Microsoft Flight Simulator is a triumph, one that fully captures the meditative experience of soaring through the clouds. But to bring the game to life, Microsoft and developer Asobo Studio needed more than an upgraded graphics engine to make its planes look more realistic. They needed a way to let you believably fly anywhere on the planet, with true-to-life topography and 3D models for almost everything you see, something that's especially difficult in dense cities. [embedded content] A task like that would be practically impossible to accomplish by hand. But it's the sort of large-scale data processing that Microsoft's Azure AI was built for. The company was able to push 2.5 petabytes worth of Bing Maps satellite photo data through Azure machine learning to construct the virtual world of Flight Simulator. You could say it's really the cloud that brings the game to life. Azure also helps to model real-time weather. (That's how some players were able to chase recent hurricanes.) The franchise's hardcore fans were eager to more realism in a new title,according to Jorg Neumann, Microsoft's head of Flight Simulator. Specifically, they asked for visual flight rules (VFR). "It basically means the pilot can orient themselves by just looking out the window," Neumann said. "And in order to do that, the planet below needs to look extraordinarily close to reality. So that was the mission." Microsoft After a bit of investigation, Neumann realized that Bing Maps' data set essentially covered the entire planet. The only problem? It was all in 2D. After using some of that data to build a flyable 3D version of Seattle, Neumann turned to the Azure team to craft a machine learning method for converting the entire planet into a giant 3D model. "AI has just tremendously grown in the last few years," said Eric Boyd, CVP of Azure AI, in an interview. "It's really driven by the massive amounts of data that are now available, combined with the massive amounts of compute that exist in the cloud ... The results you can see are really pretty spectacular where you can come up with algorithms that now look at literally every square kilometer of the planet to identify the individual trees, grass and water, and then use that to build 3D models." Azure's integration goes beyond the shape of the world. It also powers the flight controller voices using AI Speech Generation technology, which sound almost indistinguishable from humans. It's so natural that many players may think Microsoft is relying solely on voice actors. Since the company began exploring ways to bring Azure AI into the game in 2016, the capabilities of machine learning have also evolved dramatically, according to Boyd. ”The AI algorithm space has really grown in the last several years,” he said. “And so vision algorithms, which is what's heavily used to identify all these different trees and buildings and classify them exactly, those have come a tremendous way." Since it leans so heavily on the cloud, Flight Simulator is a "living game" in the truest sense, Neumann said. All of the machine learning algorithms the game relies on will steadily improve over time, as the company irons out bugs and optimizes the engine. (And perhaps becomes more aware of potential issues, like the typo that created a 212-story tower in Melbourne.)  But he points out the algorithms can only be as good as the source data, so Microsoft is working harder to refine that as well. Microsoft Image credit: Microsoft "Right now we have a bunch of planes flying overhead on the Northern Hemisphere because there's no clouds, so we're giving we're getting new satellite and aerial data," Neumann said. "We're going to process all that data with machine learning, and we'll have a 'world update.' We're going to have world updates every two months or so, is the plan. We're picking a region of Earth and putting some focus on it." The first of those updates is aimed at Japan and will launch on September 28th, but Microsoft is also planning to look at areas of the world where private pilots aren't nearly as prevalent, like South America and Africa. Neumann hopes that exploring those untapped areas may make more people interested in flight simulation in general, and perhaps even spark a love for real-world aviation. That's partially why he's so focused on capturing realism wherever possible. Take the weather: The game breaks the planet's atmosphere into 250 million boxes, where it can track things like temperature and wind direction in real-time. That means you're guaranteed to have a different flight experience every time you play. Neumann is particularly excited to see how the game will change during winter, when there's snow in the sky and entirely new types of weather patterns. Flight Simulator's reliance on Azure will only grow stronger, especially if Microsoft stars bringing in more data from sources like satellites that track wildfires, or planes monitoring wind turbulence. "Yes we can have that data, but how do we use it?" Neumann said. "How do we get it to people? That's why this whole stack for me is fascinating and it enables experiences like this, but it's really just the beginning of what we're seeing." In this article: Microsoft, Azure, Azure AI, machine learning, Flight Simulator, news, gaming, gear All products recommended by Engadget are selected by our editorial team, independent of our parent company. Some of our stories include affiliate links. If you buy something through one of these links, we may earn an affiliate commission. Comments 176 Shares Share Tweet Share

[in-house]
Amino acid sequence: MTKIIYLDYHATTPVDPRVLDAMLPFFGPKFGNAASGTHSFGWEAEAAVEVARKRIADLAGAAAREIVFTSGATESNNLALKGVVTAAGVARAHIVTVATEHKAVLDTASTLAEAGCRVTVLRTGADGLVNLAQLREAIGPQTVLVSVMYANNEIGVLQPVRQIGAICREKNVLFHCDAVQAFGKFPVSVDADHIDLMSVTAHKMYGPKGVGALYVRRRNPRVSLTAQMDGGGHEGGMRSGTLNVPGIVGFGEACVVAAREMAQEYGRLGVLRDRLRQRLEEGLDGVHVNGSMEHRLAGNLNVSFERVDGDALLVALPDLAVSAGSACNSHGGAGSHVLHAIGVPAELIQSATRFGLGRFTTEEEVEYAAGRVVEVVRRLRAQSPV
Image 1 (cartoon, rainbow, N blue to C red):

Apple won’t collect fees on paid Facebook events until 2021